• John Jantak

Pincourt residential property taxes increase 2.2 per cent


JOHN JANTAK

Pincourt council adopted its 2015 budget at a special session on Tuesday evening, December 16, that will see residential property taxes rise by just over two per cent.

Pincourt homeowners will see their property tax bills increase by 2.2 per cent next year after the town adopted its 2015 municipal budget at a special council meeting held at the OmniCentre on Tuesday, December 16. The increase translates into $58 more for a house evaluated at $227,556.

The mill rate, which represents the amount of residential property tax charged for each $100 of valuation rose .0326 cents, from 0.7385 cents in 2014 to 0.7711 cents for 2015, an increase of 4.41 per cent. One significant decrease was a reduction in the potable water consumption fee which dropped from $203 to $179 and was attributed to residents reducing their water consumption.

Mayor Yvan Cardinal said his administration came up with a good budget that’s in line with the annual inflation rate and lower than the tax increases imposed by other municipalities. “It’s a good budget because we’ve tried to minimize the tax increase for our residents as much as possible,” Cardinal told Your Local Journal.

“It took a serious effort from all our different departments to come up with a reasonable budget when we take into consideration all the increases we received, $1.5 million dollars in increased expenses whereas the budget is only increasing by $292,000 (to $20,491,800),” said Town Manager Michel Perrier.

The $1.2 million budget shortfall that the town had to absorb this year is the culmination of reduced transfer payments from the provincial government and increased contributions to municipal government bodies such as the Communauté Métropolitaine de Montréal (CMM) and the Agence de Métropolitaine de Transport (AMT).

Perrier said the town doesn’t mind contributing to the AMT because of the commuter train service it provides even though he’s uncertain whether the town actually receives the level of service they pay for, but bristles at having to pay the CMM simply because off -island residents drive to Montreal to visit the city’s landmarks.

“That’s another government decision to incorporate us into contributing financially to the wealth of Montreal,” said Perrier. “The reason they’re giving us is that basically our citizens are using what they call regional facilities in Montreal, such as the Botanical Gardens or museums. It amounts to a contribution of over $300,000 a year.”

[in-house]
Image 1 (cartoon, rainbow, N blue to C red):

With 93 per cent of its revenue generated exclusively from residential property taxes, resident Isabelle Germain asked what the town would do to try to raise revenue from other sources in order to alleviate the financial pressure placed on homeowners. Perrier replied that while more commercial tax revenue will come from the two new big-box hardware stores that opened in 2014, the gain will unfortunately be offset by less revenue from the Faubourg de L’Île shopping plaza because of a drop in the valuation role.

The town is continuing to work with Faubourg representatives to try to rejuvenate the ailing plaza which has about 20 closed store fronts. The town is also striving to lure other businesses to set up shop in its commercial district south of Highway 20, especially at southeast intersection with Boulevard de I’Île where 1.2 million square feet of prime real estate is available for commercial development, said Cardinal.

Resident Antonio Pellegrino complained that constant tax increases from all levels of government and higher living costs have depleted many people’s financial resources to the point where they cannot give anymore and asked why the town didn’t use its accumulated $2 million surplus to impose a tax freeze. Cardinal said that while the town could have used its surplus, it would have been a short-term solution that would eventually result in a substantial tax increase after the funds were completely exhausted within a one- to two-year period.

When Pellegrino asked why the salary expenditure for the town’s employees increased by over nine per cent for 2015, Perrier replied that outstanding contracts were ratified with unionized employees this year and that it was necessary to increase salaries for the town to remain competitive with other municipalities that use a higher pay scale

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